Be aware that when any noise is very significant, your power supply, power filtering parts and layout will be at least as important as the parts you choose, if not more important. Making the circuit on the breadboard can give you some idea for how it will work, but things can change, for better or worse, when you move that to a real custom PCB, and again when you integrate it with another circuit. I'm not trying to deter you, on the contrary I'm just saying if you see some unexpected behavior at some point, it could be due to things that are not obvious at first, such as layout.
 

Thread Starter

infy

Joined Jun 18, 2020
7
The power supply will be DC batteries to keep noise down.

I'm not expecting to to put this on a custom PCB. My goal is to simply assemble and take some measurements. Maybe that will change in the future though.

If I knew how to design the proper PCB I'd just spend the money and go for that :)
 

Tonyr1084

Joined Sep 24, 2015
4,710
As far as heat damage goes, I'd be more concerned with the pads the parts are being soldered to. Too much heat for too long a time can cause the pads to lift off the board. IF the board is just a bunch of annular rings on one side - heat is definitely a concern. If the pads are on both sides but no plating in the hole, heat is still a significant concern. IF the board is plated through (and I'll draw a picture in a minute or two) then the holes are more robust and less likely to lift (come off). Finally, if the pads are surface mount pads then again, heat becomes a concern.

Someone before already mentioned tacking the IC to the board. That's exactly what I do when I have wires to add to the circuit. I'll just tack one corner then the opposite corner just to hold the IC in place. Then I'll make all the wired connections I have to make, soldering each as I go. When I need to solder to the two tacked corners care becomes an issue. Take it easy and don't overheat the joints, mostly because of possible failure of the glue holding the pad in place. But even if it comes off and we're talking about a through hole part you can always wrap a small hook of wire around the lead and solder it. Remember, the other leads are soldered and should hold the IC in place.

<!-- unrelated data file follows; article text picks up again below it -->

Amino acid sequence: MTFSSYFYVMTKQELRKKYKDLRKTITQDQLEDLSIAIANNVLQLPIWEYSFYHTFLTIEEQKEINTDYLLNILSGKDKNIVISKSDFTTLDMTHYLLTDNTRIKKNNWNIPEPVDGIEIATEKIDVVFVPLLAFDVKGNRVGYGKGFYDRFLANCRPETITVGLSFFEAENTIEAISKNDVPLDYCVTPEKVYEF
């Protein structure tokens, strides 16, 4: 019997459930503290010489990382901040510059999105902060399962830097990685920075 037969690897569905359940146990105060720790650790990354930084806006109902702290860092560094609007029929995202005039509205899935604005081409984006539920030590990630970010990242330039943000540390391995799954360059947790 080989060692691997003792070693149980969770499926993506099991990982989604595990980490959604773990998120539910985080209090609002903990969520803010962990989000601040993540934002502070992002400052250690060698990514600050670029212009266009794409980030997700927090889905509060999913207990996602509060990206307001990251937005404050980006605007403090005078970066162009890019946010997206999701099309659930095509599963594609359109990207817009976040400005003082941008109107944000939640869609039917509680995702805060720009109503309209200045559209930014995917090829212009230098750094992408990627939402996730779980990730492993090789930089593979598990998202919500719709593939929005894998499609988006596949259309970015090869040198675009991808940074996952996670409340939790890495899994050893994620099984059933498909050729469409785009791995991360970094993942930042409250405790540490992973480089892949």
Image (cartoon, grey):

Drawing to come shortly.
 

Tonyr1084

Joined Sep 24, 2015
4,710
Here's the drawing: The red pad indicates the copper pad or trace. The component can be an IC or a two leaded device. The gull wing SMD does not necessarily have a PTH. [edit] Oops! Should be "SMT" and not "SMTD". [end edit]

1592593664666.png
 

shortbus

Joined Sep 30, 2009
7,760
I need to solder all 8 pins to wires so I can connect the wires to the rest of the circuit.
It's been done many years ago and even today, called "dead bug" construction.
Dead bug" construction
Free-form construction can be used in cases where a PCB would be too big or too much work for a small number of components. Several methods of construction are used. At one extreme a wiring pen can be used with a perforated board, producing neat and professional results. At the other extreme is "dead bug" style, with the ICs flipped upside-down with their pins sticking up into the air like a dead insect, the leads of components are usually soldered directly to other components where possible, with many small circuits having no added wires. While it is messy-looking, free-form construction can be used to make more compact circuits than other methods. This is often used in BEAM robotics and in RF circuits where component leads must be kept short. This form of construction is used by amateurs for one-off circuits, and also professionally for circuit development, particularly at high frequencies.[4]

For high-frequency work a grounded solderable metallic base such as the copper side of an unetched printed circuit board can be used as base and ground plane. Information on high-frequency breadboarding and illustrations of dead bug with ground plane construction are in a Linear Technologies application
From - https://en.wikipedia.org/wiki/Point-to-point_construction#"Dead_bug"_construction

http://www.worldofindie.co.uk/?p=900
 

MrChips

Joined Oct 2, 2009
21,334
You don't have to make a PCB in order to get PCB performance.

Take a piece of copper clad laminate, single or double sided. With a sharp knife cut channels to create islands of copper.
Solder your components and IC legs to the islands. If you have double sided laminate, make the bottom side a ground plane.

1592617158517.png
 

Thread Starter

infy

Joined Jun 18, 2020
7
I'm actually getting very interested in the prototype PCB path. It looks pretty cheap.. At least the upfront costs I'm seeing. I can get a set of variations built and take some measurements.

I found (commercial link removed by moderator) and will give that a shot.